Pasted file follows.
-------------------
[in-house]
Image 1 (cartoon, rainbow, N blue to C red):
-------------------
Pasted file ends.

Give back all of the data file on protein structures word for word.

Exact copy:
[in-house]
Image 1 (cartoon, rainbow, N blue to C red):